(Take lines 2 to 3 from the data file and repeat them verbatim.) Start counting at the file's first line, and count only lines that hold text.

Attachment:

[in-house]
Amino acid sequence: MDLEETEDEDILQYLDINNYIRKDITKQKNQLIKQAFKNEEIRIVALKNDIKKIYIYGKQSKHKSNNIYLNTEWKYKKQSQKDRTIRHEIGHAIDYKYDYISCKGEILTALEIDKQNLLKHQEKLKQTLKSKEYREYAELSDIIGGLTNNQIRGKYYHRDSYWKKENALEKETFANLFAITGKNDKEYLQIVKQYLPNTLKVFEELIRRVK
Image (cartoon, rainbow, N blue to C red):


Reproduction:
Amino acid sequence: MDLEETEDEDILQYLDINNYIRKDITKQKNQLIKQAFKNEEIRIVALKNDIKKIYIYGKQSKHKSNNIYLNTEWKYKKQSQKDRTIRHEIGHAIDYKYDYISCKGEILTALEIDKQNLLKHQEKLKQTLKSKEYREYAELSDIIGGLTNNQIRGKYYHRDSYWKKENALEKETFANLFAITGKNDKEYLQIVKQYLPNTLKVFEELIRRVK
Image (cartoon, rainbow, N blue to C red):